Saturday, 10 December 2011

The neuroanatomy of memory function in the brain

Much of the brain is involved in memory. Key areas are implicated but realistically these areas are reciprocally integrated in complex ways. But in an attempt to summarise, there are six main areas with more detailed divisions within these areas and new areas implicated by ongoing research all the time. The six areas are:

Prefrontal cortex- this areas is thought to be synonmous with working memory and acts as an attentional device for focusing on things to remember. Often memory recall problems are better conceptualised as attential deficits.

The hippocampus- this area of the limbic system is fundamentally synonymous with long term memory and its consolidation. This area is often affected in subcortial dementias. The landmark case on hippocampus lesion was the case of H.M., who displayed chronic amnesia relating to long term memory consolidation.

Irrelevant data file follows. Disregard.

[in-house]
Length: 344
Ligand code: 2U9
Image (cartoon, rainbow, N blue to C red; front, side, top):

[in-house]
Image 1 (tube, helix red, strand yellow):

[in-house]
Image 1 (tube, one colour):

The medial temporal lobe is often adversly affected in temporal lobe epilepsy and its treatment sits behind the left ear, and is unsurprisingly related to verbal memory.

The amygdala is ancient in the evolutionary development of the human brain. It is involved in linking important powerful emotions to memory. Its dysfunction has been identified in psychopathy, autism and in PTSD.

The striatum is part of the basal ganglia and is involved in skill acquisition related memories.

The entorhinal cortex is thought to be involved in spatial memory process.

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